That said, I’m not buying this thing for Tennis. I’m buying this thing for Super Mario Galaxy. Even in a short, limited demo, the game looked and felt superb. Metroid Prime III ran a close second - controls need another round of polish (it’s a bit over sensitive at this point), but it’s certainly a mile ahead of playing an FPS on any other non-mouse and keyboard controller.

Paranoia and baseless speculation FTW!

That said, what’s the deal with the two versions? Are they both going to be on the same game disc? Will the extra hardware power of the Wii be used for anything other than coordinating Wiimote data? Because as it is now, it doesn’t sound like there’s much reason to pick up the Wii version over the GameCube one.

I was kind of thinking the same thing there…no particular desire to play Zelda on the Wii, since I have a Cube already, the Wii features seem somewhat tacked on and (despite my best efforts) probably won’t be able to get hold of the Wii first day.

I played Mario, Zelda, Wii sports tennis and baseball, and the plane-flying demo at E3.

I’m not sold on the Wii. Nintendo says that to really engage the player and bring in new players, you need to change the method of control. And yes, the man/machine interface is one way to make games more engaging (if done right, both from a hardware and developer support perspective).

But graphics, audio, AI, size and scope of the environment, online features…all those and more are also ways of making games more engaging. Making games look less game-y, making characters animate and move in a natural and believable fashion (I’m looking at you, Mass Effect), making objects in the game react in a physically appropriate way that normal people can easily understand, all make games more engaging. Nintendo is tackling the “engage players” thing one way, Microsoft and Sony are doing it another.

After playing with the Wii, I’m not sold that Nintendo’s way is better. It’s different. Definitely. But I didn’t feel better “connected” with the Wii games. Swinging my tennis racket is more like tennis, yeah. And if I did that in something like Top Spin 2 or Virtua Tennis 3, it would be sweet. But Wii Sports Tennis is completely shallow and unfulfilling. After a match or two, I’m pretty much ready to hang it up.

Controlling Mario was “neat” with the Wii controllers, but also inprecise compared to a normal controller, and it’s not like I felt it really moved Mario games forward, just laterally. The Zelda control kind of felt tacked-on, too. Of course, there is time before release to work on these problems.

Then there’s the whole 15 minutes of fun thing. The Wii controller is going to be the coolest, most novel thing ever in the first 15 minutes of your first session. How is it going to be after you’ve put in 20 hours on your Wii? Already I can see how I’m going to hate playing Wii games for more than 30 minutes or an hour. You can’t just lounge back and play it. You have to sit up front and center to your TV, or even stand in some cases. Waving the controller around, or pointing with the Wiimote with precision, is gonna get old fast in longer play sessions.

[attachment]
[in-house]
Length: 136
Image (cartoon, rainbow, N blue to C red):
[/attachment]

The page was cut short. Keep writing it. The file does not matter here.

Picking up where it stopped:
And did it sell the non-gamers? I don’t know about that. Michael Miller, a higher-up in our organization, isn’t a gamer at all. He tried the Wii, the thought the controller was “amazing.” I asked, “So are you going to buy one?” “No, probably not.”

One of the girls helping people with the Mario demos was chatting with the guy in front of me in line, and said she’s not a gamer. She said she knows this stuff because she’s been trained, but she doesn’t buy or play console games. She also said the Wii was really neat, but she’d never buy one. She was hyped abou the new DS Lite, and will pick up one of those. I honestly can’t take my experience and judge if that means non-gamers will pick up the Wii or not, because I’m about as far from that category as you can get. I have no perspective on it. But I know two non-gamers who are impressed and totally not sold at all.

I think the Wii’s price will probably be right, and I’ll probably get one. At least I’ll pick it up before the PS3. The Virtual Console alone my be worth the price of admission, depending on how deep the library goes and how much titles cost.

The Wii “won” E3 for sure - it had the most buzz, the most people talking about it, and it made the best impression at Nintendo’s press conference (even if Reggie Fils-Aime constantly looks really angry). But I think Nintendo’s not necessarily in for the slam dunk they think they are.

Sword swing is mapped to the “B” button on the bottom of the Wiimote. A “quick jab” with the Wiimote makes Link do a “shield shove,” which opens up the enemy for attacks. Also, it’s hard to tell but it looks like shaking the Wiimote makes Link parry. So I guess this could be called swordfighting using the motion sensor. Anyone know if the “large” attack is done with the motion sensor or a button? I know the finishing move with the boss in the demo was done with the A button, but it would be really frickin’ sweet to run up to the boss, and lift the Wiimote and plunge it down, making Link finish off the boss.

Oh, and you can pick up stuff with the A button and throw it by making a throwing motion with the analog attachment.

All this was covered in the Nintendo press conference.